Feb 8, 2016 – Feb 27, 2016
Opening Reception Monday Feb 8, 7-9 pm
Photography is about light, how light shapes our perceptions. As poetry is about hearing and cadence so photography is about looking and seeing. Seeing beyond the obvious; finding something to ‘see’ wherever you are, whatever the circumstances. It encourages me to look, to see more, to be more observant, to train my eye, to consider possibilities.. A camera is a tool to record such observations, however I can frame any scene with my fingers and many remarkable ones exist only in my memory. It is vision not equipment that is crucial.
I came to Canada and shortly thereafter bought a 35mm camera and used any cheap film I could find. Perhaps fortunately the film degraded and the emulsion separated, whereas Kodak film from that era remains in first class condition.
About 1992 I was given a Cannon eos SLR and started taking pictures after a 20-30 year hiatus. Soon after a friend encouraged me to enrol in a correspondence course run by the Open College of the Arts in the U.K.. I had an amazing tutor, he was encouraging, had a lovely sense of humour and when I was in crisis both arranged a leave of absence and after a year twisted my arm to continue and finish the course.
I really enjoy the interaction with other photographers when on a course. It continues to interest me and astonish me how a group can spend the day together and yet how incredibly diverse are the images produced. Were there a camera club in town this would be one of the very real bonuses , to enjoy how others view their world using this medium.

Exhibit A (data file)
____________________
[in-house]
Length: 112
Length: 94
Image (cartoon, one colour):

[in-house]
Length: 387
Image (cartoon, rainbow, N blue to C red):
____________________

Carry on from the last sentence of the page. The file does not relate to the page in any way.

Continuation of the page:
Having only recently made the transition from film to digital my ingrained way of working is to “get it right ” in the camera. Thus I do very little post production computer processing on my images. However I am paranoid about level horizons, living on the bank of the Ottawa river, essentially a lake in Deep River, makes one acutely aware it flows neither up nor down hill.
Basically I paint for my own amusement and relaxation and as a record of places I have visited. I find painting makes me “slow down” and “observe” the scenery around me and savour its beauty. I find it a challenge to adapt my palate from the greys and greens of the Precambrian shield country where we live to the reds of the New Mexican and Australian deserts.
My great-grandfather was a notable animal painter and his daughter, my grandmother, studied art and specialized in painting birds. Her husband, my grandfather, made his living as a young man sketching in pen and ink for the Bradford Telegraph and Argus in the days before press photography. My mother was an art student and teacher in Huddersfield and a wonderful potter in a 1930’s style so it seems that I have been blessed with some artistic genes. I was always sketching war scenes as a boy and continued doing pencil sketches of barns, boats and churches during my student years. This ceased because of the activities of family life until 1995 when Maureen, my wife, bought me a watercolour set. Since then I have painted more or less continuously taking my paints wherever I travelled. Elizabeth and I have journeyed widely in Canada and the United States, France and Australia and Elizabeth has busied herself photographing while I was painting so it worked out well. Early on I took lessons from Warren Thurston and have attended painting courses when they were available and now I enjoy being mentored by Olga Nazarkina in Deep River. I began the practice of giving my long suffering daughters a painting each at Christmas around 2000 and then extended this to an animal painting for each of my grand-children.